|Music of Guadeloupe|
|Nationalistic and patriotic songs|
|National anthem||La MarseillaiseChanté a lendependens|
Guadeloupean balakadri persisted into the 20th century and, despite disruption after World War II, made a comeback in the 1980s. The Guadeloupean-administered island of Marie-Galante has also had a vital and well-documented balakadri tradition. As in Martinique (and the Creole-speaking islands of St Lucia and Dominica), kwadril dances are in sets consisting of proper quadrilles, plus creolized versions of 19th-century couple dances: biguines, mazouks and valses Créoles.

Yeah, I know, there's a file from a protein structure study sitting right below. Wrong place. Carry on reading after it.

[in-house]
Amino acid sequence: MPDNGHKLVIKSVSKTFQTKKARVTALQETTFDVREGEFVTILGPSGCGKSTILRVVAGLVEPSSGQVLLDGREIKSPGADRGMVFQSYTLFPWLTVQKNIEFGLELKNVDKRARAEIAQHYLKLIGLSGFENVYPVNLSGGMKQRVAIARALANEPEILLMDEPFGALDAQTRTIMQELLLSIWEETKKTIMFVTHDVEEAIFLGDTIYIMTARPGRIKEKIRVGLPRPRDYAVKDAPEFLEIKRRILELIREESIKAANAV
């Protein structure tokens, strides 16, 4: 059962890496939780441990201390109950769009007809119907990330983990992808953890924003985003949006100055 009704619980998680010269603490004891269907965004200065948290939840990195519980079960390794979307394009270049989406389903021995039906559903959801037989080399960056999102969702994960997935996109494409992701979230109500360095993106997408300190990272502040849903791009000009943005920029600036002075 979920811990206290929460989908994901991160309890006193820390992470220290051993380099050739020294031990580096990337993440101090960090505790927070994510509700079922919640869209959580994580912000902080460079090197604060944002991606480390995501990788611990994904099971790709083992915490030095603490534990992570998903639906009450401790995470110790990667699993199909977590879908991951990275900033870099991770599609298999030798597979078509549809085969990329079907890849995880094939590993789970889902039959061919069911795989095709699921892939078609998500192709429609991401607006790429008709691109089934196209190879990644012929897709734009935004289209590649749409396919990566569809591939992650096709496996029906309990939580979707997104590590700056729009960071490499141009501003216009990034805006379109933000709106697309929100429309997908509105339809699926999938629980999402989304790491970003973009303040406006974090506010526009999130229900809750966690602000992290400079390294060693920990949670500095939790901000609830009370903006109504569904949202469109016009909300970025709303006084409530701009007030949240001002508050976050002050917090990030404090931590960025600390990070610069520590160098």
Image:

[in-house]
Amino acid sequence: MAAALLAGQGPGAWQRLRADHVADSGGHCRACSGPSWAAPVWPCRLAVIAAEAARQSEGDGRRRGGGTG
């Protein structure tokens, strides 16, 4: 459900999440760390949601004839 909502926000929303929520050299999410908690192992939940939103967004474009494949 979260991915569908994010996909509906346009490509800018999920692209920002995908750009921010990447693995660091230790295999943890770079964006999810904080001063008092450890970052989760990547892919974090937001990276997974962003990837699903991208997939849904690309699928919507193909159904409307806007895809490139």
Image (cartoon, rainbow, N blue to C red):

To save the Balakadri, an association was created: F.R.E.G.A.Q.(Regional Federation of Guadeloupe Activities Quadrille). Its purpose is to promote, transmit, store Balakadri which is part of the cultural patrimoine Guadeloupe.
The first musicians to record on vinyl balakadri are:
- Ariste Ramier
- Commander Abel Marcille
- Salt Iphano
- Commander Grévius.
Instrumentation consists of variable combinations of accordion, guitar, violin, tanbou dibas, chacha (either a single metal cylinder as in Martinique, or a spherical calabash without a handle, held in both hands), malakach (maracas), triangle, bwa (tibwa) and syak, a bamboo rasp one metre long, grooved on both top and bottom, held with one end on the belly and the other on a door or wall and scraped with both hands. A konmandé completes the ensemble.